Angelo Gordon raised over $1 billion for consumer loan strategies and other asset-based credits, more than its $800 million target. In Ares’ most recent earnings call, CEO Michael Arougheti said his company raised $1.8 billion during the second quarter in its latest alternative credit fund, which may include financings backed by assets like consumer or student loans. The firm to date has raised $4.4 billion in total for that fund.

And Blackstone Inc. is working on several deals with banks and other originators totaling $6 billion in this sector, according to a transcript from the firm’s latest earnings call. Jonathan Gray, Blackstone’s president and chief operating officer, said on the call the firm plans to “continue to serve their customers in areas like home improvement, auto finance, and renewables.” 

ABS Inaccessible

Direct lenders are taking advantage of a breakdown elsewhere in the credit markets to enlarge their $1.5 trillion industry, and may ultimately gain greater pricing power on consumer debt.

Traditionally, banks and consumer finance companies could raise funds when needed in the asset-backed securities market by repackaging a portfolio of loans into bonds. But that market remains hostile to any but the most straightforward of offerings after the cost of borrowing shot up late last year.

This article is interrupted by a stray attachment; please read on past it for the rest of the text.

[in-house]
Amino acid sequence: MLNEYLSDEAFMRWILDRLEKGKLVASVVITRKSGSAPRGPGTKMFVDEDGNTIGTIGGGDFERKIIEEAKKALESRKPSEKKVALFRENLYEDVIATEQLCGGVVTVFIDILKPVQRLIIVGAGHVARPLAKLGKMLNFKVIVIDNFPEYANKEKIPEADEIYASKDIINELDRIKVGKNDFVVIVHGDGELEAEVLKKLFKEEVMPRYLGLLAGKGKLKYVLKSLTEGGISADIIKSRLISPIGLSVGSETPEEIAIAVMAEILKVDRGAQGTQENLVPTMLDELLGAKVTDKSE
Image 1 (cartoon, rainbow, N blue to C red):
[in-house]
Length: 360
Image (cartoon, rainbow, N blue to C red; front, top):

Sales of ABS securities are down by 4.5% compared to this time last year, according to data compiled by Bloomberg News, after rate volatility in 2022 caused a slew of firms to pull transactions. 

Consumer finance firms such as Upstart Holdings Inc. and PayPal Holdings Inc. instead struck deals with private lenders to raise capital. Castlelake LP recently agreed to buy up to $4 billion of loans from fintech lender Upstart, while KKR agreed to purchase as much as €40 billion ($43.8 billion) of buy-now-pay-later loan receivables from PayPal.

Financial technology consumer lender Oportun Financial Corp. agreed to sell $700 million of loans to a private lender duo, Bloomberg reported Tuesday.

“We believe banks are going to keep getting out of consumer credit, leaving a lot of room for non-banks,” Durkin of Angelo Gordon said. “Eventually, it will make it more expensive for Main Street to borrow money.”

To be sure, direct lenders may find out that the asset-based finance market has unique risks in assessing the quality of vast portfolios of various types of loans. “A lot of people know how to underwrite a company, but few know how to do the same with consumer credit receivables, aircraft or royalties,” Castlelake’s Carruthers said.

Private credit managers say the opportunity is too big to ignore.

“We believe specialty finance lenders are well-positioned to capture even more of this market in the coming period, which opens up the door for private ABS origination,” according to a paper from Atalaya Capital Management last month. 

(Updates with details on Ares fund in 10th paragraph)